The Short & Long-Term Effects of Heroin Use
There are many short and long-term effects of heroin abuse, both physical, psychological and behavioral in nature. The longer a person abuses heroin the more difficult it becomes to quit. However, this doesn’t mean recovery is impossible — it simply means a more intensive program of treatment will be necessary. As soon as heroin enters the brain it converts back to morphine and binds with opioid receptors, slowing down the central nervous system (which in turn slows down vital functions like heart rate, breathing and stress response).
Common Short-Term Effects of Heroin Use Are:
- A warm flushing of the skin, an increase in body temperature.
- A heavy feeling in the extremities/sluggishness.
- Excessive drowsiness/an inability to stay awake.
- Nausea and vomiting.
- Dry mouth.
- Slowed breathing/respiratory depression.
- Slowed cognitive function which can lead to a lack of coordination.
- Risk of overdose and overdose-related death.
Common Long-Term Effects of Heroin Use Are:
- The development of physical and psychological dependence.
- The development of a physical tolerance, meaning more heroin is required in order for the desired effects to be produced.
- Withdrawal symptoms, which occur when heroin use is stopped abruptly. A range of serious personal consequences, including legal issues, financial insecurity, health problems and issues in interpersonal relationships.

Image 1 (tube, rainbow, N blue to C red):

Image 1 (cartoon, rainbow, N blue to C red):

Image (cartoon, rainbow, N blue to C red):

- Serious health issues depending on the severity of the addiction and the method of ingestion (for example, lung damage if heroin is being smoked or abscesses/skin infections if heroin is being used intravenously).
NIDA reports, “Studies have shown some deterioration of the brain’s white matter due to heroin use, which may affect decision-making abilities, the ability to regulate behavior, and responses to stressful situations.” Fortunately, the majority of short and long-term consequences of heroin use can be reversed with prolonged sobriety.
How to Help Someone Who is Using Heroin
How can you help someone who is addicted to heroin and who repeatedly refuses help? You might feel as if you are at your wit’s end; nothing is working, not begging, pleading, setting boundaries or giving ultimatums. If you have seemingly run out of options, we suggest staging a professional intervention. At CuraSouth we work directly with several professional interventionists in Tampa, Florida and surrounding areas. We are happy to put you in touch with someone who knows how to get the ball rolling. to learn more.